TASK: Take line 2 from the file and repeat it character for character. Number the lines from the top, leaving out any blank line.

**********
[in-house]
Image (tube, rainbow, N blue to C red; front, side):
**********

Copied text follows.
Image (tube, rainbow, N blue to C red; front, side):